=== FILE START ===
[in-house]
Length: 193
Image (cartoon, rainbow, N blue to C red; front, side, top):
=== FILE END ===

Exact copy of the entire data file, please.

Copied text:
[in-house]
Length: 193
Image (cartoon, rainbow, N blue to C red; front, side, top):